Brian Flores, the NFL and the Fight Against Workplace Racism

Matt Gonzales By Matt Gonzales February 7, 2022
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Brian Flores, the NFL and the Fight Against Workplace Racism

​Brian Flores was between jobs.

In late January, the former NFL coach, who had recently been fired as head coach of the Miami Dolphins despite leading his team to more wins than losses in 2021, was set to interview for the vacant head coaching position with the New York Giants.

Then he received a text from New England Patriots' head coach Bill Belichick. Two days before the interview, Belichick mistakenly congratulated Flores on attaining the Giants' job. Belichick had intended to send the message to another coach, Brian Daboll, who the Giants eventually hired.

The exchange made Flores realize he was interviewing for a position that was theoretically already filled.

"[I experienced] a range of emotions—humiliation, disbelief, anger," Flores told CBS News. "I've worked so hard to get to where I am in football, to become a head coach; … to go on with what felt like a sham interview, I was hurt."

Flores has sued the NFL for alleged racial discrimination in the hiring process and in his firing by the Dolphins. The NFL has long been criticized for racial discrimination and a lack of diversity, equity and inclusion (DE&I) in executive positions, and evidence suggests that, in this respect, the league isn't much different from other U.S. workplaces.

The Problem with the Rooney Rule

Why did this happen to Flores? Experts point to the Rooney Rule.

The Rooney Rule is an NFL policy requiring teams to interview at least two minority candidates for vacant head coaching positions. Since its adoption in 2003, many say the rule has been ineffective and feeds into racial discrimination as some teams interview minority candidates only because of the requirement.

Between 2012 and 2021, NFL teams hired 82 white head coaches and general managers but only 17 people of color for those positions, according to the league's 2021 Diversity and Inclusion Report. During that span, 168 white men and 51 people of color were hired into offensive or defense coordinator positions.

"The Rooney Rule is ineffective," said Nzinga Shaw, managing director and chief inclusion & diversity officer at the talent firm ZRG Partners in Atlanta. "In practice, it has become a policy that is not being accomplished in earnest and is oftentimes circumvented without any accountability to the dissidents."

Shaw, who once served as an HR executive for the NFL and a member of the league's Diversity Council, said the rule began with good intentions. However, no hiring quota or preference is given to underrepresented candidates to get the job. The policy was conceptualized to ensure fairness but has evolved into a check-the-box activity, with little to no consequences for breaking the rules.

The league can fine teams who don't abide by the rule, but punishments are rare. N. Jeremi Duru, a professor of sports law with the Washington College of Law at American University in Washington D.C., believes the Rooney Rule could work—if implemented correctly.

"Individual clubs have failed to implement [the rule] with fidelity, have engaged in sham interviews, and the NFL has not penalized clubs," Duru said. "It makes the league look like it doesn't care about the rule. They need to start penalizing clubs [more harshly] for breaking the rules."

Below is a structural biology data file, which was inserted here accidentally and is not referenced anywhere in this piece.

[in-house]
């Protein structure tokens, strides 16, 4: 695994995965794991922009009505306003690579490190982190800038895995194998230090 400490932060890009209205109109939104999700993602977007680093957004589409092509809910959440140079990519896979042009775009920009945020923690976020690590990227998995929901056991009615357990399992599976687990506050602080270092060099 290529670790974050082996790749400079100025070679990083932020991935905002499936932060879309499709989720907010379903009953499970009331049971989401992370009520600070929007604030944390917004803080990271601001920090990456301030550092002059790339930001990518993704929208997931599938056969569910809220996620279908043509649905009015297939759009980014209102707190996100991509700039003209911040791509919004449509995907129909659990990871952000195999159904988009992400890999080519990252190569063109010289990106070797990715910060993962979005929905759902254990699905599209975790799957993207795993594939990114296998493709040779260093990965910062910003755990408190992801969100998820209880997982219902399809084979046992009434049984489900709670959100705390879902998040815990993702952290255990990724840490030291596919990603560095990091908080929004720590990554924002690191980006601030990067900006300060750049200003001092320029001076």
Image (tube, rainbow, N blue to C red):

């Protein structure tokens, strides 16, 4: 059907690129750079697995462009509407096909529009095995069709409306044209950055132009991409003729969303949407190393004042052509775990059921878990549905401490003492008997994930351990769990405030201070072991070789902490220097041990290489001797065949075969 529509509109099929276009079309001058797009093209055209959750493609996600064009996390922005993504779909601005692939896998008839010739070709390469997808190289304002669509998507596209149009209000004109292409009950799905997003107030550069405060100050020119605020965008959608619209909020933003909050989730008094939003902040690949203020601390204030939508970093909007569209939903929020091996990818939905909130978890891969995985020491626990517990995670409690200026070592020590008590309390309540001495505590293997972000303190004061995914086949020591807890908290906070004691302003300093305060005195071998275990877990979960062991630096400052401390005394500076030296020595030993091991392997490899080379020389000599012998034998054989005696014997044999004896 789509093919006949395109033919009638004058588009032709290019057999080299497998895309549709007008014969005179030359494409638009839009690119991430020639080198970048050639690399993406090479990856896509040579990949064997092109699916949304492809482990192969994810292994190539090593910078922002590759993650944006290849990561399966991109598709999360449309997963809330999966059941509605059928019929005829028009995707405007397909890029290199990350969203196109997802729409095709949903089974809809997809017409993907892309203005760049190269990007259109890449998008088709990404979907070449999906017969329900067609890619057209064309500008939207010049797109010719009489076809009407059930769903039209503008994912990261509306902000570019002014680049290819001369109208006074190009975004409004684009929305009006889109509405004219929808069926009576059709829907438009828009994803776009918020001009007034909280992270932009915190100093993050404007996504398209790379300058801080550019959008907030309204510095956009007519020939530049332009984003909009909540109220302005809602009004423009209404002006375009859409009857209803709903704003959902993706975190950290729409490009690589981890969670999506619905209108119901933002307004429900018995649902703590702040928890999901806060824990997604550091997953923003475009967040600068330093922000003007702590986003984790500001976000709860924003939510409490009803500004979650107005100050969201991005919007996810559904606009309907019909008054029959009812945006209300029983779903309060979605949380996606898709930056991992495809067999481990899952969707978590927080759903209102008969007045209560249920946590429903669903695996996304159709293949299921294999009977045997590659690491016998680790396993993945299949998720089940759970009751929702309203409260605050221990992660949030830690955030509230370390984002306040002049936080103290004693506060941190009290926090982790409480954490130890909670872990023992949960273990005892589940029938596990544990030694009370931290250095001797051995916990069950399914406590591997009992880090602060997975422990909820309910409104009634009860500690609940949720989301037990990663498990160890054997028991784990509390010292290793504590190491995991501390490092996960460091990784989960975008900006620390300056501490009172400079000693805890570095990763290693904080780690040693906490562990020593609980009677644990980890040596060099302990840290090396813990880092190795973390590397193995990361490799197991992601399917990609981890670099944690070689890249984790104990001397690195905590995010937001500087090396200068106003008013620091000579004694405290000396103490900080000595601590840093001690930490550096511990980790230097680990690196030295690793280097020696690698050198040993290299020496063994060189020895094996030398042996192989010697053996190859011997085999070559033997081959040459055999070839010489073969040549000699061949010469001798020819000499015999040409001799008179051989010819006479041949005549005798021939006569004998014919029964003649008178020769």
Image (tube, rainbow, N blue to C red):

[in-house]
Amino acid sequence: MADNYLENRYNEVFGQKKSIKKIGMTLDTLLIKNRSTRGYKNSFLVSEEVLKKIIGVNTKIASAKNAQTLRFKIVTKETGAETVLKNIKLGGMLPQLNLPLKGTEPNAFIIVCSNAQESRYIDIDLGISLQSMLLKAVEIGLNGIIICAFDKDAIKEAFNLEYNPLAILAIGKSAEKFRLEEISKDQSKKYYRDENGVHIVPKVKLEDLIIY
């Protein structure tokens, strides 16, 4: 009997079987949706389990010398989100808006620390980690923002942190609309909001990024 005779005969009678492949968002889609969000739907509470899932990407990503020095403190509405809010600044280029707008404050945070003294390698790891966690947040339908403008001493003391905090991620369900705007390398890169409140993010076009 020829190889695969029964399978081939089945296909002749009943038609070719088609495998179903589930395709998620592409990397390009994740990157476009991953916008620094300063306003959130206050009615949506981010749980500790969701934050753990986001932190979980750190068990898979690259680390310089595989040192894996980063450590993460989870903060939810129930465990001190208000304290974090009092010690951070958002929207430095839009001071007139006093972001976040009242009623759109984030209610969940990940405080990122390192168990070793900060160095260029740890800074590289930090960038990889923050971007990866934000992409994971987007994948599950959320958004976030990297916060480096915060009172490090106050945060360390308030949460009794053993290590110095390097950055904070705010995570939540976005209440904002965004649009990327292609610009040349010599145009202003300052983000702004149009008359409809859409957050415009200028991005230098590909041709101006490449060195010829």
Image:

SHRM Resource Hub Page
Overcoming Workplace Bias

Discrimination Isn't Just an NFL Problem

The NFL's implicit biases and racial disparities reflect those within corporate America.

Four-hundred and thirty, or 86 percent, of chief executive officers at Fortune 500 companies in 2021 were white men, according to data provided exclusively to the Society for Human Resource Management. Thirty-four CEOs were white women, while an additional 15 were of Asian descent. Two were Black men, and two were Black women. Seventeen Latino men made the list. No CEOs were Latina.

SHRM research found that barriers to DE&I in executive positions include identity bias, assembling networking events based on connections, and recruiting from marquee colleges where money and connections help gain entry.

"As America has moved toward becoming a more racially conscious nation, we clearly haven't made much headway in executive suites or, as a result, entry- to midlevel positions," said Angelica Geter, chief strategy officer for the Black Women's Health Imperative in Atlanta. "Hiring discrimination against Black Americans in particular has not improved over the past three decades."

Employers nationwide have made public commitments and launched anti-bias training in the hiring process. However, Geter said, the issue lies in enforcement and consequences. Employers must institute meaningful sanctions against those hiring managers who continue to perpetuate biases. And they should leverage analytical tools to conduct periodic progress checks to help companies stay accountable.

"It's easy to claim that DE&I initiatives are working without having the evidence to back that up, especially if the evidence isn't delineated by race and gender," Geter added. "[Analytical tools] can ensure companies are accurately tracking their progress."

Shaw said creating a path forward and sustaining lasting change requires businesses to recognize socioeconomic challenges facing underrepresented communities, including implicit bias.

"Building workplaces of inclusion and equity requires each board member, executive and employee to examine their own biases and to question unconscious assumptions about others," Shaw said. "This is uncomfortable, painful even, but necessary."


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